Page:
China’s global propaganda forum on development in Tibet reconvened on 23 May, marking its return after a hiatus since 2019 owing to the global pandemic. Following a familiar pattern, foreign Sinophiles with a favorable view and ideological alignment with China embarked on a week-long tour of Tibet before gathering in Beijing for the day-long global propaganda forum.
The recently concluded forum is the seventh such “China Tibet Development Forum” since the first in Vienna in 2007. It was timed to coincide with the date when China coerced the Tibetan government into accepting the 17 Point Agreement on 23 May 1951.
Tibet is Tibet
The propaganda nature of the forum is evident in the official title and theme of the forum.
Dubbed the “2023 Forum on the Development of Xizang, China: New Era, New Xizang, New Journey–New Chapter in Xizang’s High-quality Development and Human Rights Protection,” the forum attempted to convert the country name of Tibet in English to Beijing’s preferred term, Xizang, which translates as “western treasure house.” Xizang has been used in Chinese to refer to Tibet, but there is increasing use of it even in English language outputs.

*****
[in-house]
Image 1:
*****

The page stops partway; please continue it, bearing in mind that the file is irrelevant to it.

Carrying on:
Since a decision apparently made by the CCP Propaganda Department in September 2021 to gradually start replacing Tibet with Xizang in external propaganda, China has been steadily and strategically attempting to alter the identity of Tibet to Xizang for English speakers worldwide. China’s attempt to do the same in the past had failed miserably.
Drawing confidence from its investment in and capacity to alter the global media landscape, Beijing launched an ongoing reattempt in fall 2021 to Sinicize the global name of Tibet to Xizang. Beijing Sinicized the country name “East Turkestan” as Xinjiang, which translates as the “new frontier.” Today, Xinjiang is widely recognized around the globe as the name for East Turkestan, despite the Uyghurs’ tireless objections to the Sinicization of their country name.